Let’s have a look..

Color: Light to medium amber with orange notes. This is a very pretty rum.
Legs: Swirrled in the glass the rum shows thin to medium fast running legs.

Aroma: OK, now to something more important. I expected a two-year-old rum to be a heavy on the alcohol, acetone, or varnish notes especially at 64%, but not so. There is alcohol there, but it’s clean, refreshing, and sets off otherwise deliciously deep aromas of raw sugar, light caramel, prune, raisin, and tobacco. Wow! Fabulous dark aromas from a relatively light rum. There is no vegetal or fruity funk in this aroma. Lightly sweet, but not overwhelmingly sweet. Dark fruit, but no over-ripe notes. I take this to be characteristic of a “Bajan rum”, and I don’t mind a little funk now and then, but this is so much more friendly.

Flavor and texture: Amazing! A rum with no additives this is immediately rich and creamy. How can that be with this much alcohol and only two years old? I imagine the tropics, and maybe the quality of the ex-cognac barrels makes all the difference. Despite its richness the rum comes off at first as crisply clear and dry, but the sweetness of it sneaks up on you. Raw sugar, caramel, not dark but light. Raisin, prune, and tobacco. I can’t remember another rum in which the flavor and aroma profiles matched so well. The finish is long and sweet, no bitterness here not even at its full 64% ABV. The heat sneaks up on you too. It never gets harsh, but it does get pretty hot! I added a little water to one glass taking the alcohol down to about 55% and the rum gets sweeter, the raw sugar a little stronger with green grape making an appearance. But this rum is easy to drink even at its original ABV. Like the aroma, there is no sort of funk in the taste.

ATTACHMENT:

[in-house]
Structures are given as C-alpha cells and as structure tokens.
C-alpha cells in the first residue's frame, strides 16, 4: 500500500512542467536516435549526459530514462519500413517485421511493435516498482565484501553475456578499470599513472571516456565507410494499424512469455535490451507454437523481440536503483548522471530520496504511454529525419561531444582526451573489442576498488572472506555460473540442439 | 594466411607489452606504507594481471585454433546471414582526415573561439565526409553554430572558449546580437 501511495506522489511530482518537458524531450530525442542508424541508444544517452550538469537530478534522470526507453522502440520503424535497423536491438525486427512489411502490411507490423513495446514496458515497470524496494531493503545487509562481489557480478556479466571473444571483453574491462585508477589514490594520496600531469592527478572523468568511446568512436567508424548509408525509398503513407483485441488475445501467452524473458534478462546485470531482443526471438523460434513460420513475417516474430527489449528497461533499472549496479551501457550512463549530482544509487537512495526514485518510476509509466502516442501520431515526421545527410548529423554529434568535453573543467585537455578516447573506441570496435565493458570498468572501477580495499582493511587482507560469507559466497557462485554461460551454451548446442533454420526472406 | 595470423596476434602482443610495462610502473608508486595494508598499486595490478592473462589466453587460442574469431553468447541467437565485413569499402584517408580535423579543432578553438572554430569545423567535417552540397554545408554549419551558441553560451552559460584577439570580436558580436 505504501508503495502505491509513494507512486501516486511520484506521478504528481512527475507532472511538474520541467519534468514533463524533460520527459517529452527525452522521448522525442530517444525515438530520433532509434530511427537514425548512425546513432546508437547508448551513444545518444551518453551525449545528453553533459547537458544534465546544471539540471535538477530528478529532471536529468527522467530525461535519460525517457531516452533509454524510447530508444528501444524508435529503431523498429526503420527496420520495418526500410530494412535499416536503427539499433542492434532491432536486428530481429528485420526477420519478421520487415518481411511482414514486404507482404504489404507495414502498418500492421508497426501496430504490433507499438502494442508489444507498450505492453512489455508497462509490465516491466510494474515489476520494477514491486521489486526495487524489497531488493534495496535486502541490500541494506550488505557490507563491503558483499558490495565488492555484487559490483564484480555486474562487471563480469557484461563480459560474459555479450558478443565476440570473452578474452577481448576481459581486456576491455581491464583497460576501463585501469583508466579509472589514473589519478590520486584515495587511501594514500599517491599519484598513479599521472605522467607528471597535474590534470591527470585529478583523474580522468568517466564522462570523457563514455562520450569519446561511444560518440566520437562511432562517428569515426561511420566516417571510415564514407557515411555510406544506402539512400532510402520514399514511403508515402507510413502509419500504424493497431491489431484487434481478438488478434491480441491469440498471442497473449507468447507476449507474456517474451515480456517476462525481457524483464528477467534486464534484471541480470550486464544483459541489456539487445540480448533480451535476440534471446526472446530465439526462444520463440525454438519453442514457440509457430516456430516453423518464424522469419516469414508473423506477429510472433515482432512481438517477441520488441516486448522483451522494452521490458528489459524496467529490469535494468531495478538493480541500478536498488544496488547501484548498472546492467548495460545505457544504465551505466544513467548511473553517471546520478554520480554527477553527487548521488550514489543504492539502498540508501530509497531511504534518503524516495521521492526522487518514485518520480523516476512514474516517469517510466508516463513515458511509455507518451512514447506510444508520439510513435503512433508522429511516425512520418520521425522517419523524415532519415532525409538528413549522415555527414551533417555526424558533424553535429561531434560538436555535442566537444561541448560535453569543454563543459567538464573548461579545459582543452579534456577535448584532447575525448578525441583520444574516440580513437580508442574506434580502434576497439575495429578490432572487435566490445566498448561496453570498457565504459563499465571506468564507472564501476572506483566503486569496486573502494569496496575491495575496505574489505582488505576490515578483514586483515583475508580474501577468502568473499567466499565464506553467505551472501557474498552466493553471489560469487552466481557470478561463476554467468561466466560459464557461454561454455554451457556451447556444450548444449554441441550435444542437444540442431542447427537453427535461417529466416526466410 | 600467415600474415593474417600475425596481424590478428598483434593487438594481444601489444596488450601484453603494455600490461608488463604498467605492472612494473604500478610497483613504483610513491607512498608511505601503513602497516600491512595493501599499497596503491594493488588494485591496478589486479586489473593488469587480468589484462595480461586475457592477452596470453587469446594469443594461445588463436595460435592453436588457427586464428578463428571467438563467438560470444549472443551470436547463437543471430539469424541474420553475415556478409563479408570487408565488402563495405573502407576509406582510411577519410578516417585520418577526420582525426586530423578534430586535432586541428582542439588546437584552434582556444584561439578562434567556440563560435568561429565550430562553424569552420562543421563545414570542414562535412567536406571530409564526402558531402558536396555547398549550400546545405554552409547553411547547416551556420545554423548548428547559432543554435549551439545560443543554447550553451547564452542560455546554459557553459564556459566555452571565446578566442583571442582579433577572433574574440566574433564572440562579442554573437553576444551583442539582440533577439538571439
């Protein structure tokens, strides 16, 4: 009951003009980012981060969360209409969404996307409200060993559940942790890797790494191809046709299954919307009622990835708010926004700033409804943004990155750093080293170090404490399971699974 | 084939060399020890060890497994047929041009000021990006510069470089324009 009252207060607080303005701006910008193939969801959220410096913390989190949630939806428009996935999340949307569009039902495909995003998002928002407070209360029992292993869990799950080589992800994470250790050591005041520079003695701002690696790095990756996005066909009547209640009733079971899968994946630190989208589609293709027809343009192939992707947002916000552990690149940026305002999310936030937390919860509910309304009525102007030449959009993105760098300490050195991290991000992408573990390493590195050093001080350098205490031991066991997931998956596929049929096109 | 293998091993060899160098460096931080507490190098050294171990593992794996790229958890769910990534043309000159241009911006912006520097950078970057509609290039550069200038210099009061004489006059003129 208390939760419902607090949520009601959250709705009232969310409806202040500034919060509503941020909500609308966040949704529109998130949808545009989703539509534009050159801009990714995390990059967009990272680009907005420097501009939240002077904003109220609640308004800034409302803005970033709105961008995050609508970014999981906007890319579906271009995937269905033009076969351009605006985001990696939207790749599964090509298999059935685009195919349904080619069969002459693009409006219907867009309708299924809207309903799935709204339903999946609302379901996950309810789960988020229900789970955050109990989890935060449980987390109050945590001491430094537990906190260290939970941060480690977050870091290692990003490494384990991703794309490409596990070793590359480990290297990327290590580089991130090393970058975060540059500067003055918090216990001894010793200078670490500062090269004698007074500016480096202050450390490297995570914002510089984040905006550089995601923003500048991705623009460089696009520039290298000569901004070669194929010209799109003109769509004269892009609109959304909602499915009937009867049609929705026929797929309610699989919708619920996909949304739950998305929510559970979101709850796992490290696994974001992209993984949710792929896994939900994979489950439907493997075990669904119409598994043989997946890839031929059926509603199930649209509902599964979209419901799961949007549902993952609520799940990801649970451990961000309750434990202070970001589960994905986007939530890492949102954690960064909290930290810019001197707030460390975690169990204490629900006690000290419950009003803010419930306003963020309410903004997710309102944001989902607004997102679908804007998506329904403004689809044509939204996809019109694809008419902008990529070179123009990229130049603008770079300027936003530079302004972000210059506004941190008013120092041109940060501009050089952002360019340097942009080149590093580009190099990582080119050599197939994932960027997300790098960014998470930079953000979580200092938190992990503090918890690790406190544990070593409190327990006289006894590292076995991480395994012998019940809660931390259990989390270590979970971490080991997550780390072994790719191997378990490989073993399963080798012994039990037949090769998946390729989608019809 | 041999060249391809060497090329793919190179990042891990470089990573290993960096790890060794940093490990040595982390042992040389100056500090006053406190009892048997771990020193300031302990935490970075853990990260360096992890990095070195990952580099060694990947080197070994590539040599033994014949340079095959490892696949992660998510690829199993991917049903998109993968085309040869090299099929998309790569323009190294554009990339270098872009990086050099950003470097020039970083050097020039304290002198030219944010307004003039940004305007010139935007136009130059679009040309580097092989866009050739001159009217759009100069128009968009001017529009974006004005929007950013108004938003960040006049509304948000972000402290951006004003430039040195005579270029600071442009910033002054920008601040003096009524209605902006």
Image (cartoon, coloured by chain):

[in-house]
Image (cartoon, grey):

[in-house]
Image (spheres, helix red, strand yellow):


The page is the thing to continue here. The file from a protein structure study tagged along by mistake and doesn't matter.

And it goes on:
At $75 the price is a tad steep for me, but it is the same price (roughly) as the 2004 and 2005 all well worth their cost. Velier has released almost a dozen collaborations in this series, not all with Foursquare. Of them all, this offering is the least expensive! I haven’t dared try the others ranging in price from $90 to $120! What if I like them??!! If you click on this link, you can see images of all the other offerings in this line. Good luck making a choice. My guess is they will all be outstanding examples of their types.

The Fat Rum Pirate and The Rum Project have reviewed other of the rums in this set. Have a look. These folks know their rums better than me.

Enjoy…

Review: Foursquare Premise Rum

Review: Foursquare Premise Rum

Another offering from Richard Seale. Premise is one of those special barrel bottlings released in the last few years by Foursquare Rum and available in American brick and mortar stores (with good rum collections) for about $55. A tad more than the earlier “Port Cask” and “Zinfandel Finish” releases. Although it isn’t in the name I’m told to think of this as a “sherry cask” rum. As in all the other releases, these are supposed to be dry ex-sherry casks, and the rum contains no additives.

The rum is a medium amber, not pale, but by no means dark. More brass than copper colored. When swirled in the glass it forms medium thick legs that flow pretty fast. Bottled at 46% ABV a good down the middle strength given the present fashion for “naval strength” rums. Smooth and delicious as it is, it had enough fire going down to convince you there is real alcohol present. The rum is aged 3 years in ex-bourbon wood and then 7 more in ex-sherry wood. More detail can be found here at the fatrumpirate site.

On the nose there is intense Caramel, toffee, brown sugar, raisin, even apple or green grape, and maybe light ripe pineapple. Also enough alcohol to push it all out, I don’t get any petrol or varnish notes. This is one sweet and slightly bright-fruity aroma with a little oak thrown in.

The flavor is surprisingly sweet maybe sweeter than the port and zinfandel bottlings. Lots of brown sugar, light caramel, maybe a little tobacco, sherried oak. The sweetness is a little less up front on subsequent sips. Finish is long and sweet, there is no bitterness here. Not a lot of fruit in the flavor for me, but what there is isn’t dark but light. The body is distinctly creamy, a little thick.